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Irma is long gone, but South Florida's watery wilderness is still feeling the pain

Jenny Staletovich, Miami Herald on

Published in Weather News

But Verrastro said that even when all the storage components now included in restoration efforts are built, there will still be times when the system has too much water, like during Hurricane Irma. That's when the wells would be used.

The number of wells has not yet been determined, but the district will likely run models on the effects of about 30 in clusters around canals that discharge into the lake, he said. Water would be pumped into the cavernous boulder zone beneath the aquifer that provides drinking water. It can stay there for hundreds of years before flowing underground into the deep ocean, he said.

In 2015, the South Florida Water Management District and U.S. Army Corps of Engineers killed and burned 50 to 100 acres of cattails in Cochran's Pass on Lake Okeechobee's west side as part of a joint effort to manage the invasive plants. There were no burns in 2016.

The U.S. Army Corps of Engineers removed the wells from their plan this year, saying too many questions remain, prompting the district governing board to come up with its own plan for the injection wells now on the table.

Capp also worries that the wells will become a permanent fix, rather than a temporary patch, and pre-empt work that could ultimately be more beneficial to an ecosystem that most of the time desperately needs more freshwater. That's particularly true as sea-rise risks worsen saltwater intrusion in South Florida's shallow drinking-water aquifer.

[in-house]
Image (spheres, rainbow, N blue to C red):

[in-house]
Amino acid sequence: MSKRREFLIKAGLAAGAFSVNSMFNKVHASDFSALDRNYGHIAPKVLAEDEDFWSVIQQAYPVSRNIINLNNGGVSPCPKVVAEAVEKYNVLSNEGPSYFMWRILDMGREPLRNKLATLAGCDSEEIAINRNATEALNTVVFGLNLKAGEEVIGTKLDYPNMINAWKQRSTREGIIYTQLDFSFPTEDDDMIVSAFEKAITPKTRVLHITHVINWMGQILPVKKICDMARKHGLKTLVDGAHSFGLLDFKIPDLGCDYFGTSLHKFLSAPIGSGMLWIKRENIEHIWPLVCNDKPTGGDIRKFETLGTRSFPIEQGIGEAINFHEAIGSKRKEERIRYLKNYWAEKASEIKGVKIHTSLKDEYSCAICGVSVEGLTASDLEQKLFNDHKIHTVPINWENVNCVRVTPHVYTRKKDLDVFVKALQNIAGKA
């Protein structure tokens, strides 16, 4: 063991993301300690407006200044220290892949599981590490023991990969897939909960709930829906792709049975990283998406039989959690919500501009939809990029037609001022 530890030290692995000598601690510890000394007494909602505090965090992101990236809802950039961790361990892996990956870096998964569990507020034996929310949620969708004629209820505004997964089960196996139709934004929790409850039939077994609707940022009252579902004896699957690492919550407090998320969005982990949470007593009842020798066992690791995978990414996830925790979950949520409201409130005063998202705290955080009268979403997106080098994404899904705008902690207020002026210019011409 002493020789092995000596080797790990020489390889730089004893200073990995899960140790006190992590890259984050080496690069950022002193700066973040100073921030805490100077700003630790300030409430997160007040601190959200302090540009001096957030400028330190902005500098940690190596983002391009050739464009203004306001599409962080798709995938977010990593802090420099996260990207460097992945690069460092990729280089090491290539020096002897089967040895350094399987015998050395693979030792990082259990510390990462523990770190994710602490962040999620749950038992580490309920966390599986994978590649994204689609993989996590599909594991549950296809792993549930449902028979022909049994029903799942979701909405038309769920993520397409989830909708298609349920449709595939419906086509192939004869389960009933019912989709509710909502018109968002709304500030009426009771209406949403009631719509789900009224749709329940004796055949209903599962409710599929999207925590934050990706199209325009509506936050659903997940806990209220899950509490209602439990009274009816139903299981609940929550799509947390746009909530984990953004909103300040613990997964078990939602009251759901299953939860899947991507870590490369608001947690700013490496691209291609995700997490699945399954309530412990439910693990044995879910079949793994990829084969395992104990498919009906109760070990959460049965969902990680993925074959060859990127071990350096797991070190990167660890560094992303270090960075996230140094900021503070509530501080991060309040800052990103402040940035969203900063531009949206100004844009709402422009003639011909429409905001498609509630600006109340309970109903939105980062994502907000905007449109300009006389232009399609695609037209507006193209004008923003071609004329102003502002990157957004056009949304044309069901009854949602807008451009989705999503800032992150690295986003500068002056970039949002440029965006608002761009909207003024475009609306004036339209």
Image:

"What opportunities are we missing when we invest our money in deep injection wells instead of ecosystem restoration?" she said.

 

There's also one more piece of the puzzle that needs to be completed to ease the high water: a 2-mile bridge under construction along the Tamiami Trail. While it is three counties away from the lake, the bridge will unplug a crucial drain in the Everglades system, allowing water from the conservation areas to stream south into the watery marshes in Everglades National Park and out to Florida Bay.

"What you're seeing in the lake is bad. What you're seeing in the water conservation areas is horrible," Gray said. "In the lake we see how it's going to transition out, but in the water conservation areas, the inundation is historic."

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